In other embodiments, methods of forming a fuse structure include providing an insulating structure including a wire region and a fuse region. A first wire pattern is formed on the wire region. A preliminary conductive pattern is formed on the fuse region. A first insulating layer is formed on the insulating structure that covers the first wire pattern and the preliminary conductive pattern. The first insulating layer and the preliminary conductive pattern are etched to form a preliminary first insulating pattern and a conductive pattern. The preliminary first insulating pattern has an opening exposing a portion of the first wire pattern. The preliminary first insulating pattern includes a first portion located on the wire region and a second portion located on the fuse region. The second portion has a height less than a height of the first portion. The conductive pattern has a height less than a height of the preliminary conductive pattern. A conductive layer is formed on the preliminary first insulating pattern, the first wire pattern and the conductive pattern. The conductive layer fills the opening exposing the portion of the first wire pattern. The conductive layer, the preliminary conductive pattern and the preliminary first insulating pattern are etched to form a second wire pattern, a fuse pattern and a first insulating pattern. The second wire pattern is located on the second portion and electrically connected to the first wire pattern. The fuse pattern has a height less than a height of the preliminary conductive pattern. A portion of the first insulating pattern located on the fuse region has a height less than the height of the first portion. An insulating layer is formed on the etched conductive layer, the preliminary conductive pattern and the preliminary first insulating pattern to a height selected to limit spread of fractures of the fuse pattern generated by cutting of the fuse pattern.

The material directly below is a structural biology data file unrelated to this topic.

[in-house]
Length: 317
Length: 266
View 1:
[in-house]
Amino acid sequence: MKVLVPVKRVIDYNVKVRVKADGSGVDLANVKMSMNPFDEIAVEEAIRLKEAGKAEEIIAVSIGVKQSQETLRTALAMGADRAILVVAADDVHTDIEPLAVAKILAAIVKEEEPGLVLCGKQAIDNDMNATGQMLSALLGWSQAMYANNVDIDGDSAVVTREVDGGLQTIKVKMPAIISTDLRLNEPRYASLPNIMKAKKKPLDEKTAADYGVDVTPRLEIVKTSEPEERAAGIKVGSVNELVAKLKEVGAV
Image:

In further embodiments, etching the first insulating layer is preceded by forming a mask pattern on the first insulating layer. The mask pattern includes a first opening on the fuse region and a second opening on the wire region. The first opening has a width greater than a width of the second opening to provide a greater etch rate in the fuse region than the wire region. The first insulating layer and the preliminary conductive pattern are etched using the mask pattern.

In yet other embodiments, a ratio of the height of the fuse pattern to the height of the first wire pattern is about 1:7 to about 1:4. Forming the insulating layer may include forming the insulating layer to provide a ratio of the height of the insulating layer to the height of the fuse pattern of about 3:7 to about 5:6.

BRIEF DESCRIPTION OF THE DRAWINGS

The accompanying figures are included to provide a further understanding of the present invention, and are incorporated in and constitute a part of this specification. The drawings illustrate exemplary embodiments of the present invention and, together with the description, serve to explain principles of the present invention. In the figures:

FIG. 1 is a scanning electron microscope (SEM) picture showing a conventional fuse structure having a fuse pattern that is cut;

FIG. 2 is a cross-sectional view illustrating a fuse structure in accordance with some embodiments of the present invention;

FIGS. 3 to 9 are cross-sectional views illustrating a method of forming the fuse structure shown in FIG. 2;

FIG. 10 is a cross-sectional view illustrating a fuse structure in accordance with further embodiments of the present invention; and

FIGS. 11 to 17 are cross-sectional views illustrating a method of forming the fuse structure shown in FIG. 10.

DESCRIPTION OF THE EMBODIMENTS